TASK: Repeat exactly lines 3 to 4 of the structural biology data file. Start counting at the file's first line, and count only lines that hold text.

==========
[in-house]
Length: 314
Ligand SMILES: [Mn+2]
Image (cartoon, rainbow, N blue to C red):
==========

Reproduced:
Ligand SMILES: [Mn+2]
Image (cartoon, rainbow, N blue to C red):